STUDYING

Alternative places to study

Written by Hannah Smith, 3rd year Film and Television.

There are a number of places on and around the main campus where you can stop and study if you just fancy a change of scenery from your room. Here are some of Hannah’s picks for the best places on and off campus to settle down with a good library book, your laptop and some peace and quiet.

On campus study areas
Library

The university itself has a number of great places to study either on your own or in a group. The obvious point of call is the library. It’s a good place to start, gather your reading material and focus on a plan for your study time. Across the three floors, the library should hold everything you’ll need to succeed, with computers on every floor, group rooms that you can book for more private meetings with your project groups and if you’re a quiet learner, the third floor is a silent zone where you can really focus on your studies.

If you prefer a more mobile platform, you bring your own or you can borrow a laptop from the self-service desk as well, giving you the option to chill out while you study on some of the sofas on the ground floor.

Also good to note is the Costa card on your way in for if you need a quick coffee to get you through the day, and there’s a Spar just across the road for those last minute study snacks too!

Minerva

The Minerva building is another great place to study, especially if you find you have a 9 am lecture and a seminar at 11 am, leaving you nothing to do for a full hour between them. Sure, if you’re living on-campus you could go home for a half hour but when you’re this close to your destination, it’s great to stay put and get prepared for your seminar.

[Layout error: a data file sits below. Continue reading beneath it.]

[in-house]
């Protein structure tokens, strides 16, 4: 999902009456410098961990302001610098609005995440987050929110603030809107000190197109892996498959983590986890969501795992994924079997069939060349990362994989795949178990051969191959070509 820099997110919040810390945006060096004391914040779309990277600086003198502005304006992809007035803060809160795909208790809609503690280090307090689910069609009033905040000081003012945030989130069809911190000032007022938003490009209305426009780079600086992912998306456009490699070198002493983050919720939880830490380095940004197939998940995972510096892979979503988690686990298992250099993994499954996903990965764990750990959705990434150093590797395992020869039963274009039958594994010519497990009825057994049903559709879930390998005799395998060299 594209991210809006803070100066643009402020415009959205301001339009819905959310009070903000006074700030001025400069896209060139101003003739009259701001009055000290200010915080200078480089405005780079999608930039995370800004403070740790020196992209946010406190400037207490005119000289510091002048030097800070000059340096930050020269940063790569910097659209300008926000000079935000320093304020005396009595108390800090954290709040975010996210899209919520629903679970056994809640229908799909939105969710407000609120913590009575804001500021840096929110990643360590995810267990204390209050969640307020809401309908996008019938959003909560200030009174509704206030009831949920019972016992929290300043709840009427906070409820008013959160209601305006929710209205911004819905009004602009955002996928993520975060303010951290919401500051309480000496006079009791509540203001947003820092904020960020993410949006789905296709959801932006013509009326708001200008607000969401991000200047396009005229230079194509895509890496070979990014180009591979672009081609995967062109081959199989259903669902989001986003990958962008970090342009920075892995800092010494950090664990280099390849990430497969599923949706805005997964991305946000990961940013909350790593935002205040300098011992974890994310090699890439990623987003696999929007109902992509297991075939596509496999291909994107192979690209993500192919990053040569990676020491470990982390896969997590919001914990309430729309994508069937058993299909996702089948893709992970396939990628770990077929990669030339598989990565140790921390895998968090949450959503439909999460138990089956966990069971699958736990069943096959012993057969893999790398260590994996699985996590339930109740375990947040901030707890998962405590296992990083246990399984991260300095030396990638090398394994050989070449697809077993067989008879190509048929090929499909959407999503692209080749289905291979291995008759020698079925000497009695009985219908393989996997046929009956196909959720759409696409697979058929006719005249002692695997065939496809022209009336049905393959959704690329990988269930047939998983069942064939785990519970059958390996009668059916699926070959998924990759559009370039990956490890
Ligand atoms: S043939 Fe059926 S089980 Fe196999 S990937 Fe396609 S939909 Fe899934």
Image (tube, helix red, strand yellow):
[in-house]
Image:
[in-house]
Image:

The ground floor has a number of sofas where you can relax while you study, close by the canteen if you need a boost. My preference, however, is the top floor. Up at the top floor of Minerva Building, not only do you have a relaxing view of the Brayford Pool, there are a number of computers that you can use. I got a lot done in this space between my lectures.

The Swan

Another place to study on campus is The Swan, which is great not just to socialise and get some food but to meet up with your project groups and go through some notes. They have two floors if you want to get away from the bar area downstairs. I’ve even had some lecturers wanting to meet here for tutorials so if that’s not a stellar recommendation of this space, I don’t know what is. Plus it has just been newly refurbished, so that’s an extra bonus!

MHT

I should also note that my experience here is with my own course, which took place primarily in the media building. This building has a number of spaces to stop and study, such as the newly refurbished second-floor sofa space. You’ll also have access to a number of computers here.

However, every building will have similar spaces suited to you and your course and these are usually a great place to find as they’re often far quieter than more public spaces such as the library.

Off campus study areas

If you want to get off-campus for a while then the obvious answer is to take a rest in a local café or coffee shop. A lot of independent places really don’t mind you spending a lot of time there as long as you’re polite enough to at least grab yourself a drink during your stay. All you need then is WiFi and you’re good to go.

My personal favourite here is the Costa on the Brayford Pool – located within the ODEON. Not only do they have a lot of comfortable spaces, you might also be lucky enough to find yourself seated next to a plug socket, giving your devices that little extra boost to keep you online and studying longer.

The Drill Hall Café is just ten minutes from campus is also really welcoming to student studying, so you can stop by there for food and drink while you study.

Finally, if you’re sick of being indoors and looking to get outside while you bury your head in books and notes, you can take the short walk to the Arboretum. Providing the weather is pleasant, it’s well worth the twenty-minute walk from campus.

This article is featured on Learning at Lincoln.

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